The Cardinals are clearly keeping their options open, and if coaches like Bruce Arians and Hue Jackson are your fall-back plans, then you're in a good place.
Both men are experienced, longtime NFL coaches who, importantly, have experience coaching the type of big, strong-armed QB's the Cardinals currently have under contract.
However, both have their drawbacks.
Jackson is known as a journeyman coach and clearly views the Cardinals QB coach position as just a step back up the ladder to coordinating and head coaching. He is also somewhat of a loose cannon whose coaching style undoubtedly contributed to more than its fair share of the Oakland Raiders' numerous penalties in 2011. Discipline has been an issue for the Cardinals recently, and as they aim to solve that in 2012, Jackson may not be the ideal hire.
For Arians, though he has been successful and much more stable as a coach in the NFL, having remained with the Steelers since 2004, his age—he will be 60 next season—also mean that he is unlikely to remain with the Cardinals long-term. Arians has discussed retirement for several years now, which was reportedly part of the reason why the Steelers let him go, according to Mark Kaboly of the Pittsburgh Tribune-Review.
Reports indicate that he is still leaning towards retirement, and should he choose to stay in the NFL, the Cardinals will go through all of this next season too.
The Cardinals have struggled with QB consistency since the retirement of future Hall of Famer Kurt Warner, and so, hiring a man likely to depart in a short order of time to coach QB's seems like a wrong choice. Of course, Haley too is not a lock to remain in Arizona forever, so it's hard to rule out either man on that basis alone.
All in all, I think should the Haley talks fall through, Hue Jackson will follow shortly, and Arians will retire.
This one has been kicking around for a while, mostly under the radar, but most recently, St. Louis Post-Dispatch beat writer Jim Thomas confirmed that Keim is still set to interview with the Rams for their vacant general manager's position.
The opinion was that when Jeff Fisher chose the Rams over the Dolphins, that friend and former Titans colleagues Lake Dawson or Ruston Webster would follow as GM. However, with promotions for both men, it appears that Webster and Dawson now appear set to stay in Tennessee, and the doors are open for any one of about a half-dozen men to win the role, including Keim.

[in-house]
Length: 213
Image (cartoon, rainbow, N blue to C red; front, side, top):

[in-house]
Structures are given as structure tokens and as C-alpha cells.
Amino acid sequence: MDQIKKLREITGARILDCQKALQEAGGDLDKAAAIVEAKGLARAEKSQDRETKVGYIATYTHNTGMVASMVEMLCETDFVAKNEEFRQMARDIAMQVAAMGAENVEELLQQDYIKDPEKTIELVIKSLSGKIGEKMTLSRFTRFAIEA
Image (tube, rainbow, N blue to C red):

Steve Keim has risen quickly in Arizona and been considered a GM of the future for some time now. No one considers Keim to have the position locked up, and few even list him as front-runner, but his interview gives Keim the chance to shine and win the job in his own merit.
Losing Keim would be a real blow to the Cardinals. Keim is one of a few unsung heroes in the Cardinals front office and is widely considered one of the NFL's rising stars.
Keim is a major part of the Cardinals organisation. He is credited for his role in building back-to-back division titles for the Cardinals, and his hand in evaluating and discovering college players like Larry Fitzgerald, Darnell Docket, Anquan Boldin, Antrel Rolle and Steve Breaston.
As director of player personnel, he currently coordinates both the college and pro scouting efforts which brought such players as Daryl Washington, Patrick Peterson, Calais Campbell, Sam Acho, Kerry Rhodes and Richard Marshall to the club.
However, by far, the biggest blow to the Cardinals would be the inside knowledge he would bring to the Rams. Though league rules would prevent him from leaving the Cardinals until after the draft, he would still take to the Rams a wealth of information on those players the Cardinals have drafted, and those free agents which they are pursuing, as well as intimate knowledge of the team's plans and strategies for the 2012 season.
To say losing Keim to the Rams is a double whammy is an understatement.
The Rams do have several other people in mind for the position, so Keim's departure is not assured, but undoubtedly, the insider knowledge he brings will help an already strong case for his hiring.
Cardinals GM Rod Graves is not going anywhere for the foreseeable future, so the Cardinals have to be prepared to lose Keim at some point—his ascent to GM is only a matter of time—but losing him to a divisional rival on the rise would really be a worst-case scenario for the Cardinals.